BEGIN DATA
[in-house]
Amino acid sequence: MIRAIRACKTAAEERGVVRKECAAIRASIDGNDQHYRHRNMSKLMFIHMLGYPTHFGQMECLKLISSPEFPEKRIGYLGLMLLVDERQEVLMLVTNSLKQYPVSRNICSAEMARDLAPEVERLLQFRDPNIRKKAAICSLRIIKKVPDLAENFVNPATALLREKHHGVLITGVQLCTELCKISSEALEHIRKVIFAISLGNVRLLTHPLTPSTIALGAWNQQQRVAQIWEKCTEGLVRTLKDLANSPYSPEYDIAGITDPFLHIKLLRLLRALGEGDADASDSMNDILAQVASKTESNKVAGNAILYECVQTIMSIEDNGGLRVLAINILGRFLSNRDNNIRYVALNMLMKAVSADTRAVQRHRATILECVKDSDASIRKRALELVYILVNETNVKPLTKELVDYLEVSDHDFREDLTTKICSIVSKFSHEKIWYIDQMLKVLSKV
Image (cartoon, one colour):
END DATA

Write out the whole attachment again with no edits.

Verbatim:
[in-house]
Amino acid sequence: MIRAIRACKTAAEERGVVRKECAAIRASIDGNDQHYRHRNMSKLMFIHMLGYPTHFGQMECLKLISSPEFPEKRIGYLGLMLLVDERQEVLMLVTNSLKQYPVSRNICSAEMARDLAPEVERLLQFRDPNIRKKAAICSLRIIKKVPDLAENFVNPATALLREKHHGVLITGVQLCTELCKISSEALEHIRKVIFAISLGNVRLLTHPLTPSTIALGAWNQQQRVAQIWEKCTEGLVRTLKDLANSPYSPEYDIAGITDPFLHIKLLRLLRALGEGDADASDSMNDILAQVASKTESNKVAGNAILYECVQTIMSIEDNGGLRVLAINILGRFLSNRDNNIRYVALNMLMKAVSADTRAVQRHRATILECVKDSDASIRKRALELVYILVNETNVKPLTKELVDYLEVSDHDFREDLTTKICSIVSKFSHEKIWYIDQMLKVLSKV
Image (cartoon, one colour):